b) I paid special attention to verses concerned with the Majesty of Allah and honour of the Messenger to avoid using irreverent words. This also applies to anthropomorphic terms used for Allah in the Quran, these include references to Allah’s face, eyes, hands and expressions of Allah’s response to human folly like mocking, deception, etc. In places, these have been interpreted and in others I have used English equivalents as recommended by orthodox commentators.

c) Arabic names of the Prophets have been used instead of the biblical, like Ibrahim not Abraham and Musa not Moses. I have also kept some Arabic and Islamic words for their accuracy and emotional charge.

d) Capital letters are used for Allah’s name, the pronouns, titles, the major concepts and terms in Islamic studies.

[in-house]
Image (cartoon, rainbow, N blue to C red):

e) I have used italics rather than brackets for any extra words I inserted for the sake of clarity. The reason is that omission of words and phrases is a common feature of Quranic style where things are left unsaid.

f) Ayah numbers are postscripts at start in the English translation but are noted at the end of the Arabic.

7. The Ambiguous terms of the Quran

To avoid theological controversy, I have followed the orthodox view point of the Ahl-us-sunnah-wal-jamaat about the use of body parts for Allah, not to take their meaning literally, instead we understand them as metaphors, only Allah knows their true meaning.

“We glorify praise and proclaim Your Holiness,” said the angels (Baqara: 30). Imam Razi comments: “Tasbih, glorifying is eliminating the bodily/material descriptions from the Divine whilst Taqdeesa and Tanzeeha, stating Holiness means eliminating weaknesses and defects in the character of Allah.”